In this stage, you’ll want to identify the keywords you’ll go after, the potential volume those will drive for your organization, and expected conversion rate (your UX CRO in the foundational stage should give you a baseline).
Ahrefs is my primary tool for this kind of work. I also like to include who our competitors are for each keyword, and highlight them if they are a competitor in our industry (which may signal increased priority).
Note that it is also a good idea here to sync with your paid/SEM team before you do this. They likely have data on which keywords are converting best from a paid perspective. Those would be great keywords to go after first given they have a proven conversion history.
This is where you lay out your editorial guidelines and processes by which content gets produced at your organization. This is a quality setting stage and expectation setting. Your team can’t do it all––nor should you. The more content you produce in a given timeframe, the less quality it will be. I like to stick to two blogs per month, and then repurpose those, which is the next strategy.
But here, outline what you will produce, how many will be produced per month, the quality standards by which they will be produced, the timelines that they take to be produced, and the teams involved in that production. This is crucial for getting larger team sign off, and understanding on why content doesn’t just take a day to turn around.
For my teams, any piece of content takes 6-8 weeks on average from when we start to work on it.
Again, if you’ve followed me for a bit, you know I don’t think repurposing is a social media strategy only (or primarily). Content repurposing is how you take top of funnel SEO content you produce, and turn it into lower-funnel lead gen content (PDFs), one pages (sales enablement), case studies, email nurtures, and yes, social media posts.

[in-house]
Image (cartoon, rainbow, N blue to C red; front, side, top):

How will this work? Who does that? What are the timelines for the repurposing processes? They likely differ based on the asset, so document that and share it out.
Lead gen strategy
All right, now that you are repurposing content into gated assets, how will get you get those gated assets downloaded? Will you promote them on your blog, and if so, which ones? Will your paid team use them for lead gen, and if so, which ones? What about your partner organization? Or, where will these live on your website (your sitemap should make this clear)?
You’ll likely want to work with your paid team and partner teams to get their take on how they’d like this to work and build that into your plan.
Distribution strategy & GTM
And finally, with so much else well-defined, you now need to tie it all together for everyone.
- What are the go-to-market functions for each type of content?
- Does that differ based on your audience?
- Who is responsible for which go to market activities?
- How will you hold them accountable?
- How will they know when something has been assigned to them?
- Will you have larger kickoffs for the big projects?
- What about for simple one-pagers?
- What about for blog posts?